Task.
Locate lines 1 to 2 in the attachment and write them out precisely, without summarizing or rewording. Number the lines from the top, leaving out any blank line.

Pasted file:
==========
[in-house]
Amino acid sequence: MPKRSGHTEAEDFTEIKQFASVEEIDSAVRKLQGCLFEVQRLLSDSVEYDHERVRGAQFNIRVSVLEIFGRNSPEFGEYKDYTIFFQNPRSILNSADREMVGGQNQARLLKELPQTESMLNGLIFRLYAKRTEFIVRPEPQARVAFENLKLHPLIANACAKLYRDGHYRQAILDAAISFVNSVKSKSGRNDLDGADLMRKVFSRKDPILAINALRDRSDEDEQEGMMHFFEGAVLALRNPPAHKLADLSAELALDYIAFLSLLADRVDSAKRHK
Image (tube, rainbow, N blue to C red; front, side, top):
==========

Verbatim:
[in-house]
Amino acid sequence: MPKRSGHTEAEDFTEIKQFASVEEIDSAVRKLQGCLFEVQRLLSDSVEYDHERVRGAQFNIRVSVLEIFGRNSPEFGEYKDYTIFFQNPRSILNSADREMVGGQNQARLLKELPQTESMLNGLIFRLYAKRTEFIVRPEPQARVAFENLKLHPLIANACAKLYRDGHYRQAILDAAISFVNSVKSKSGRNDLDGADLMRKVFSRKDPILAINALRDRSDEDEQEGMMHFFEGAVLALRNPPAHKLADLSAELALDYIAFLSLLADRVDSAKRHK